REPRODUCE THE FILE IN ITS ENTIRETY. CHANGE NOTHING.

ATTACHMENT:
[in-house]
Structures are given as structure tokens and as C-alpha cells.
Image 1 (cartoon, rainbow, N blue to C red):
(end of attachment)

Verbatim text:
[in-house]
Structures are given as structure tokens and as C-alpha cells.
Image 1 (cartoon, rainbow, N blue to C red):